London Grammar have long suffered from a bounty of comparisons, fair or otherwise. Even as they released their earliest singles leading up to their debut, 2013’s If You Wait, listeners were quick to compare the English trio’s cool, spare beats and skeletal arrangements to acts like the xx, and Hannah Reid’s fluttering vocals to those of Florence Welch. This latter comparison is the more superficial and less enlightening of the two; while the similarities between the two vocalists’ deep, soulful tones may indeed be striking, it ultimately tells us little about the kind of music London Grammar produce.
Charges of unoriginality start to land somewhat more convincingly upon examining the backing arrangements that frame her performances, courtesy of Dot Major and Dan Rothman. It is here that things begin sounding a bit too familiar, or more importantly, a bit too safe. Even more so than their debut, the band’s sophomore outing Truth is a Beautiful Thing pushes Reid’s voice to center stage, adorning it only with conservative pinpricks of Rothman’s luminescent guitar lines, Major’s sharp yet glacial beats, and demure piano and string arrangements. This is a wise choice insofar as her performances are the most incisive tool in their arsenal; it is hard to protest too much when Reid glides and twirls her way up her vocal register on “Rooting For You”, for instance.
Beautiful as it all may be, however, the compositions as a whole lack something for innovation. Too often, the songs condense what were once the chicest trends in indie pop, R&B, and electronica—yes, particularly those championed by the likes of the xx at the tail-end of the 2000s—and package them in a big tent format, as though intended to alienate as few people as possible. On tracks like “Wild Eyed” and “Oh Woman Oh Man”, the production atmospherics are cool without ever threatening to become too chilly, and the mellow soul-rock of the choruses brood briefly before evaporating weightlessly. “Non Believer” wields its darkness with somewhat more conviction, leading with punchier beats and concluding with Bon Iver-style vocoder processing. In general, though, the arrangements can come across as trendy but tepid, tasteful yet lukewarm, the lack of risks becoming a real liability.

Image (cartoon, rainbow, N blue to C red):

Still, Truth is not without its strong moments, particularly when the band dares to step beyond its reserved melancholy and dabble in euphoria. “Big Picture” finds the trio sounding more self-assured than ever, with Major’s muted 4/4 rhythms helping elevate the track into an anthem both somber and bright. “Don’t say you ever loved me / Don’t say you ever cared”, Reid sings coolly, echoing Kate Bush’s “The Big Sky” in sentiment if not quite in sound. The rousing beats of “Bones of Ribbon” likewise make the track more affecting than usual, and the second half of “Hell to the Liars” evinces enough confidence to jam out without Reid as a crutch, emerging all the more compelling for it. While Reid’s vocals are the band’s clearest asset, then, London Grammar’s performances are at their finest when not so blatantly lopsided.
London Grammar have proven themselves more than capable of writing moving, resolutely human songs; the above-mentioned highlights, along with older tracks like “Wasting My Young Years” and their excellent 2013 Disclosure collaboration, “Help Me Lose My Mind”, clearly demonstrate as much. The manner in which they present their material often leans too heavily on the tried-and-tested tastemakers of years past, however, dulling and dampening their impact. While compelling, the trio did not exactly sound wildly original when they first emerged in 2013; in 2017, it is even harder to find a context for their work. London Grammar’s music remains gorgeous, but the band too often limits themselves with their own conservatism.
// Notes from the Road
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